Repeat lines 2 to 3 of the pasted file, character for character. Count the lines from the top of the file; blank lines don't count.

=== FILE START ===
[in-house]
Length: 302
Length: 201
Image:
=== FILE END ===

Length: 302
Length: 201